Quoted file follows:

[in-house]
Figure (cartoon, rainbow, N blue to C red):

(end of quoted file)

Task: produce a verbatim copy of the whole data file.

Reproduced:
[in-house]
Figure (cartoon, rainbow, N blue to C red):